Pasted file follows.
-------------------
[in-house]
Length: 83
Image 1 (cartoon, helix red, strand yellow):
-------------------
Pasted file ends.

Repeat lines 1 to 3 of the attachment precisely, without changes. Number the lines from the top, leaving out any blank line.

[in-house]
Length: 83
Image 1 (cartoon, helix red, strand yellow):